Guidenice on being tired/depressed and steps to take.
July 19, 2007 11:07 AM   Subscribe

MedFilter: Looking for guidance on general chronic lethargic feeling (both physically and emotionally). (wordy)

I hate medfilter, long posts, and people who don't do their research first, and as such, I apologize for breaking two of these rules, but I have read every post related to depression. I have insurance. This is a long time lingering problem (6+ years) that I would seriously like to fix, and I have tried the normal channels and failed.

This is more of a 'who do I talk to, and what do I say' type of question, as I have seen both a psychiatrist and a doctor multiple times over the years to no avail.

I am chronically tired physically. I wake up exhausted, I feel tired to the point of exhausted at work, and in social situations. I don't have an overly stressful work situation, nor do I feel like I am over-anxious about social outings (specifically, though I am frequently over anxious about things, to the point of casual OCD, like checking creditcard bills online multiple times a day, knowing they wont be updated, etc). I have also for quite some time felt extremely depressed (to the point of regular suicidal thoughts), which I have attempted to address through both talk therapy, as well as medication (various SSRI's) which I am currently on (only medication).

I feel almost abandoned by 5-6 therapists who have more or less said you are fine mostly through my own omission, or not reading into things enough, or pushing hard enough even when asked to. But at the same point, I am there because I don't know what to address, or what the issue is.

The physical exhaustion/lack of energy seems to have its easiest explanation in a depressed mood, but could it be something else? I am overweight, and had a typical college kid whos moved out and lives on takeout and pizza/beer diet, but have slowly been organizing my life. I took the list of "things that make you less depressed" to heart as much as possible, and have worked up to running 5k's (from not being able to run at all!), bike ~50 miles, and lost 30+lbs. I watch what I eat, and have slowly and sanely been losing weight. I sleep normal hours (7-8 hrs a night, standard bedtime/wake up time). I have tried a variety of diets (ie, less carbs, less refined sugars, no caffeine, none of which were 100%, but used as guidelines for a few weeks to see if they had any effect. Recently I've cut out all meats (vegetarian) and been doing that for 2-3 months with no ill effects. I have lived healthily for the last 2+ years (balanced diets, lots of water, getting out quite a bit).

I feel as though I shouldn't feel exhausted ALL the time, and be more motivated with this energy to do things (complete a few final classes, clean my apartment, be social), but all I feel like doing is sleeping most of the time, or feel like a zombie when im out and about, not really thinking more just observing.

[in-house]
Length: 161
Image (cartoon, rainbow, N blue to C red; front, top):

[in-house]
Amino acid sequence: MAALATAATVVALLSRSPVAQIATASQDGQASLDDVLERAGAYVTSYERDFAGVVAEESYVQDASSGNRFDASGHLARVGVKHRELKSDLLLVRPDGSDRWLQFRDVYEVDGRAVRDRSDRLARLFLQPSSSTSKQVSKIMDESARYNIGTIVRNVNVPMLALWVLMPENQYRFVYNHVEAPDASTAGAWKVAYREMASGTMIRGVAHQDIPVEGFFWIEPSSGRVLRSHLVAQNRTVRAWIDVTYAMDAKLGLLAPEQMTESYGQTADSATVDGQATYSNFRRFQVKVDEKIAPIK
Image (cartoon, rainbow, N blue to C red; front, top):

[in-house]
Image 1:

So whats a depressed, but intelligent twenty something supposed to do? My doc is quick to put things off as normal (HMO syndrome?), and therapists seem useless.
posted by anonymous to Health & Fitness (40 answers total) 23 users marked this as a favorite
 
Go to a doctor and be insistent. Go to a therapist and be insistent. What else do you expect to hear?
posted by xmutex at 11:16 AM on July 19, 2007


First, a few questions:

Have you tried getting a solid 8-9 hours? How often ar you running and biking? It may be your activity level means you need a bit more recuperation (though from the sound of it, the exhaustion predates it?)

Did your doc run you through standard blood tests, and ruled out physical causes?

If you really feel your doc is not listening to you, find a second opinion.

I feel almost abandoned by 5-6 therapists who have more or less said you are fine mostly through my own omission, or not reading into things enough, or pushing hard enough even when asked to.

What does mostly by my own omission mean? I'm wondering here if you're not comfortable talking to them or something? That's a lot of therapists to have gone through - can you describe a bit more explicitly how things fail? I'm really wondering why any therapist would say you were fine if you were telling them you were having suicidal thoughts!

Have you addressed your anxiety issues? Being overanxious, I imagine, must be extremely fatiguing.
posted by canine epigram at 11:17 AM on July 19, 2007


A friend of mine was having fatigue issues around the time she started cutting meat out of her life. Turns out she was seriously anemic. Iron pills are helping.
posted by ThePinkSuperhero at 11:21 AM on July 19, 2007 [1 favorite]


Have you been tested for Hypoglycemia? If not, I recommend you get tested for it as soon as possible.
posted by milarepa at 11:21 AM on July 19, 2007


Have you had a blood test to determine your thyroid levels lately? A low amount of thyroid hormone in your blood causes constant fatigue and (for me at least) anxiety and depression up to and including the point of feeling suicidal in the past.

A lot more people have been at this point than you realize. Call your doctor up and insist on a T4 AND a TSH test. It's just a thought.
posted by princesspathos at 11:24 AM on July 19, 2007


I'll second canine epigram's questions; what is your daily routine like? I was horribly depressed and lethargic for a period of years. I wasn't sleeping well, wasn't getting exercise, and I was eating too much. I changed as many unhealthy habits as I could and I've come pretty well out of my depression and exhaustion.